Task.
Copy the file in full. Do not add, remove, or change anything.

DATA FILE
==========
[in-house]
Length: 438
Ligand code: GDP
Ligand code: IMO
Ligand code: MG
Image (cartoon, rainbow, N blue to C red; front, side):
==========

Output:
[in-house]
Length: 438
Ligand code: GDP
Ligand code: IMO
Ligand code: MG
Image (cartoon, rainbow, N blue to C red; front, side):